Israeli bank sues three U.S. financial giants for $720m
Bank Hapoalim has filed a massive $720 million suit against Bank of America, Merrill Lynch and Countrywide over its losses in the U.S. subprime crisis, alleging that the U.S. institutions misled and defrauded it.
Among Israel’s financial institutions, Hapoalim suffered the worst losses in the subprime crisis due to its investments in mortgage-backed securities.
Between 2005 and 2007, the bank, led by Shlomo Nehama and Zvi Ziv, snapped up mortgage-backed securities in an attempt to meet its goal of a 15% return on equity by 2007.
By the end of that year, the bank had invested $3.65 billion in such securities. But when the subprime crisis broke out in mid-2007, these securities collapsed as American homebuyers defaulted on their mortgages.
Only then did many investors realize that the securities were based on mortgages given to some of America’s weakest borrowers, who found themselves unable to pay the moment their homes stopped appreciating in value.
In 2008, Hapoalim booked a NIS 3.9 billion loss due to its investments in instruments including credit-default swaps, mortgage-backed securities and structured investment vehicles – all complex, poorly understood instruments that nosedived during the crash. The losses were on assets Hapoalim bought from Bank of America, Merrill Lynch, Countrywide and other financial institutions. Hapoalim is considering filing suits against these other companies as well.
It filed its suit against Bank of America, the United States’ second-largest bank, two weeks ago in Manhattan federal court.
U.S. gov’t also filed suit
Hapoalim is in good company – dozens of investors and the U.S. government itself have filed suits against financial institutions that sold mortgage-backed securities.
The U.S. government filed its suit in September over $196 billion in mortgage-backed securities sold to national mortgage agencies Freddie Mac and Fannie Mae.
In its suit, Hapoalim says that between January 2006 and July 2007, it bought $721 million in assets issued by Bank of America, Merrill Lynch and Countrywide. Merrill and Countrywide were acquired by Bank of America during the crisis.
These institutions played a role in every stage and published misleading or incomplete information when selling the assets, Hapoalim alleges.
It alleges, for instance, that the institutions published misleading and incomplete information on the loan-to-value ratio of the mortgages underlying the assets – the percentage of a home’s value borrowed.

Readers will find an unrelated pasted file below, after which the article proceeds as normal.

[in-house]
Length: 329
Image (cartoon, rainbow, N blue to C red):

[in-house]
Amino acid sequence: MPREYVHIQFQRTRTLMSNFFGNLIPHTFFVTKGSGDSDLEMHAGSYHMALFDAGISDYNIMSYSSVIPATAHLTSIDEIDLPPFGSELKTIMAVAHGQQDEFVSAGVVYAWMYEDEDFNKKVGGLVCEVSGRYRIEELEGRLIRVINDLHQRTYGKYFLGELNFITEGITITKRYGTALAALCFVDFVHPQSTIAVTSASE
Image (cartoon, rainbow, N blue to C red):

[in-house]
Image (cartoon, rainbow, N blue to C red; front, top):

Also, the institutions were aware that they were misleading the public when they issued these assets, alleges Hapoalim. Hapoalim was not aware of any of this, and sustained massive losses because it trusted the information it was given, it says.
Blindsided by the crisis
There is backing for this statement in Hapoalim’s financial reports. In its 2007 report, filed in March 2008 – when the subprime crisis was in full swing – the bank said external consultant ADCO, which specialized in mortgage-backed securities, had told it that its mortgage-backed-security portfolio would sustain losses of no more than $20 million to $30 million.
ADCO estimated that the probability of losses above $30 million was only 20%, which it deemed low, Hapoalim said in the 2007 report. In an extreme scenario, the bank would lose $216 million – a scenario ADCO gave a probability of only 2%.
The bank noted in its 2007 report that in a very extreme scenario, it could lose up to $340 million on mortgage-backed securities.
Within two months, it turned out that those estimates had been very optimistic. In May 2008, Hapoalim sold its entire portfolio of mortgage-backed securities for $2.55 billion – a $879 million loss. The buyer was Pimco.
Hapoalim would not have sold had it not been forced to do so by Israel’s banks commissioner at the time, Rony Hizkiyahu.
That year, Hapoalim also booked heavy losses on its investments in structured investment vehicles and credit-default swaps. The former caused it losses of $367 million, the latter lost it $418 million.
In total, the bank lost NIS 3.9 billion due to its investments in mortgage-backed securities, structured investment vehicles and credit-default swaps that year. Most of these investments had been made via the bank’s branches in New York and London.
‘We didn’t really understand’
“Until the crisis broke out, we didn’t really understand these investment vehicles,” said a former senior banker at Hapoalim, echoing a common sentiment in the financial industry.
Further evidence of this can be seen in yet another statement in that 2007 annual report. “The credit quality of the portfolio is high – 99.8% of the mortgage-backed securities are ranked AAA,” the bank wrote.
Hapoalim apparently was blindsided by the crisis – it continued buying mortgage-backed securities right until the crisis broke, according to its court papers. It made its final purchases on June 19, 2007, from Countrywide – a month before the crisis began.